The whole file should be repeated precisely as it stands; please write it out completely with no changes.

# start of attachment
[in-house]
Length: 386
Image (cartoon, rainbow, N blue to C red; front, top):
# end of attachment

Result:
[in-house]
Length: 386
Image (cartoon, rainbow, N blue to C red; front, top):